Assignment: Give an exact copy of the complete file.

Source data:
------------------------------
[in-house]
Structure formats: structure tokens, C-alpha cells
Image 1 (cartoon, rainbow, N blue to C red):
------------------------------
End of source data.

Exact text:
[in-house]
Structure formats: structure tokens, C-alpha cells
Image 1 (cartoon, rainbow, N blue to C red):